Findings from a histologic analysis of the 3- and 4-week splinted specimens showed that treated ears had a substantially expanded chondrocyte population along with increased thickness of the cartilage at the sites of laser irradiation. The perichondrium was also thickened and accompanied by adjacent fibrosis in the deep layers of the dermis (Figure 5A). The specimens splinted for only 1 week did not show significant histologic findings other than shape change. The control ears showed no significant abnormalities or changes from native tissue (Figure 5B).
Confocal microscopy was performed on all groups. The specimens splinted for 1 week showed viable chondrocytes with a weak background signal, indicating the possibility of very few dead or dying cells in the central irradiated portion (Figure 6). The weeks 3 and 4 treatment groups showed only viable cells and no evidence of dying chondrocytes.
This study demonstrates the feasibility of LCR of the ear in an animal model using a 1450-nm diode laser in combination with CSC. As a commercial clinical laser system was used to accomplish reshaping without any custom hardware or software modifications to the native operating system, it may be possible to rapidly translate and apply this technology to reshape protuberant ears in human subjects, albeit “sutured in place splints” would be replaced with either silicone rubber moulages or headbands as in traditional otoplasty operations. We currently are pursuing a clinical trial with this instrumentation. By transcutaneously heating the cartilage framework of the pinna with limited injury to the overlying skin, shape change can be achieved without incisions. The feasibility of this technology is further supported by findings from anatomical studies that show that the thickness of the skin, subcutaneous tissues, and auricular cartilage in the rabbit are similar to that of the human ear—especially in the pediatric population.12 Cryogen spray cooling allows protection of the skin from severe thermal injury while facilitating substantial subsurface temperature elevations, at least above threshold values required for cartilage shape change. Heating cartilage results in a change in the material properties of this tissue that facilitates shape change and is manifested by accelerated stress relaxation.13- 27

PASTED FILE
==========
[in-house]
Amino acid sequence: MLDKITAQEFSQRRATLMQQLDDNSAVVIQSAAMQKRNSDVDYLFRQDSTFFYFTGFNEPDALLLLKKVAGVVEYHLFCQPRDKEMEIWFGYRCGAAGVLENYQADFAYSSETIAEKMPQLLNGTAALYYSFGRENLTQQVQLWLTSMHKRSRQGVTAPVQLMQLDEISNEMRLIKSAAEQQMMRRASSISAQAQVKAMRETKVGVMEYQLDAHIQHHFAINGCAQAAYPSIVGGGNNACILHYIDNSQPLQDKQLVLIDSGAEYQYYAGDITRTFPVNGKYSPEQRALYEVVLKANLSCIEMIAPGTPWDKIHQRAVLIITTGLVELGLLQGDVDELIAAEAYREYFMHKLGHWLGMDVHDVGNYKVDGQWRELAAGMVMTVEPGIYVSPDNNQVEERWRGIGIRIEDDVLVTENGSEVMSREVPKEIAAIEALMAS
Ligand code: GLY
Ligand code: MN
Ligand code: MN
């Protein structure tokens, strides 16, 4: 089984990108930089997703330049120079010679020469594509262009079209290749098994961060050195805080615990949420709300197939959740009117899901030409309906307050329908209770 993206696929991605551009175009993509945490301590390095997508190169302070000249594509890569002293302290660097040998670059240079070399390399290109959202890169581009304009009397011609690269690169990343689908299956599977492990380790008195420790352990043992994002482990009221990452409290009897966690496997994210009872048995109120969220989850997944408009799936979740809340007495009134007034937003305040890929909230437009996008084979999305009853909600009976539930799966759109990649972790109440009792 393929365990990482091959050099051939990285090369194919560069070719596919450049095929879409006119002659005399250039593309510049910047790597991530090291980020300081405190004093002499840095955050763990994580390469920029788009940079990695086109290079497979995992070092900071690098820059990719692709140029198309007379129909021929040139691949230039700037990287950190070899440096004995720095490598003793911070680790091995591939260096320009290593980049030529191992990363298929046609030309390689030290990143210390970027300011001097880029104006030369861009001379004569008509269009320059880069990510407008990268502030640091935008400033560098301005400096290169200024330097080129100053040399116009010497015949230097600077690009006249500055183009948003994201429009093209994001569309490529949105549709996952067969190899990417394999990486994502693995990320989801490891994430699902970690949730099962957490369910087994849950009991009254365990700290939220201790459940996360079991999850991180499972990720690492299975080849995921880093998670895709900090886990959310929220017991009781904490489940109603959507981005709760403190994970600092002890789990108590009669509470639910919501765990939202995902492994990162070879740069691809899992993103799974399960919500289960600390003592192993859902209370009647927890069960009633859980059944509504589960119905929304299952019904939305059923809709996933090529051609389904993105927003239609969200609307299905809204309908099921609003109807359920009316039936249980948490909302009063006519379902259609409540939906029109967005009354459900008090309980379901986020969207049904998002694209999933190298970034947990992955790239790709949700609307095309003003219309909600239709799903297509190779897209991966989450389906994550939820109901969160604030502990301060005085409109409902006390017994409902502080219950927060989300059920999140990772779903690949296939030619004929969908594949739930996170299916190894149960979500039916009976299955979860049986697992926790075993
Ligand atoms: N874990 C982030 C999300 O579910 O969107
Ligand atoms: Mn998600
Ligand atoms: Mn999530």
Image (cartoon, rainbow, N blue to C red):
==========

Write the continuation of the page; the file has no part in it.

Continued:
As in the study by Mordon et al,9 rabbit ears underwent shape change with LCR, albeit with 2 major differences. First, we opted to reshape the central region of the rabbit pinna, which is about halfway between the tip of the ear and its connection to the bony external auditory canal. The skin and cartilage of the rabbit ear in this area is substantially thicker than that at the tip of the ear where Mordon et al9 performed their reshaping study. The thicker skin requires a more robust application of both cryogen and laser energy because more light must penetrate deeper beneath the subsurface. Thicker cartilage also requires a larger region of tissue axially (ie, in the direction of laser light propagation) to be heated to the threshold temperatures needed for shape change.20,21 Simply put, this is a more challenging task, and the central region of the rabbit ear reshaped herein is more similar to the geometry of the human ear.
Using a CSC system to protect the skin from major thermal injury is the second major difference between our work and that of Mordon et al,9 who used a contact cooling system based on simple heat exchange devices. Anvari et al28,29 demonstrated that significant subsurface temperature elevations could be generated using infrared laser irradiation and CSC and coined the phrase “spatially selective heating,” which is an integral component of the mechanisms of LCR.30 Cryogen spray cooling removes massive amounts of heat from the tissue surface as the cryogen undergoes a phase change from liquid to gas at the tissue surface. When laser dosimetry and cryogen spray duration are selected appropriately, spatially selective heating can be achieved, and this is ideal for use in auricular LCR.